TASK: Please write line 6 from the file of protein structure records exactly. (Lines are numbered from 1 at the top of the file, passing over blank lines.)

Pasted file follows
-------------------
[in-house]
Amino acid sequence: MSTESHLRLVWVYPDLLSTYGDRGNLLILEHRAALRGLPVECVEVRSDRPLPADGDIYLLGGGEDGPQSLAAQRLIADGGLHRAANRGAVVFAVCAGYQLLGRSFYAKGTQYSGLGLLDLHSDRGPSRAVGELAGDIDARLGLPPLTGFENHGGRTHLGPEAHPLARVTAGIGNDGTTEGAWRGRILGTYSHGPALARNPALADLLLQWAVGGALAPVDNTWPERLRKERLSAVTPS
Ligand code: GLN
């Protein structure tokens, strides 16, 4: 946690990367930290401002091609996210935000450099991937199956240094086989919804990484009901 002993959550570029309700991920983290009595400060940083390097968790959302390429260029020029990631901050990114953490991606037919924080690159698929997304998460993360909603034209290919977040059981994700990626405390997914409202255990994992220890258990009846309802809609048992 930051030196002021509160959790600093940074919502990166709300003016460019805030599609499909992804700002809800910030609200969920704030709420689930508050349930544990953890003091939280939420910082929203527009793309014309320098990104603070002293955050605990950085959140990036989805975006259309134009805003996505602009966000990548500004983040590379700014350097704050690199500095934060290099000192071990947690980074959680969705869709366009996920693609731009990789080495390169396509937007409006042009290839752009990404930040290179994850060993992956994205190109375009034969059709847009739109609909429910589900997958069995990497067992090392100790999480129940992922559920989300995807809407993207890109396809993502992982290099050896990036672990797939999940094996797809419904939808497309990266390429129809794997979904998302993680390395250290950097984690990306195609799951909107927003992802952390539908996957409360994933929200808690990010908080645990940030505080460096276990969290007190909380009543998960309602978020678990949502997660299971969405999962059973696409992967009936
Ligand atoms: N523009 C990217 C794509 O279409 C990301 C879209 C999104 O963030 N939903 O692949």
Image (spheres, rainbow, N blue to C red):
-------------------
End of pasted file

Image (spheres, rainbow, N blue to C red):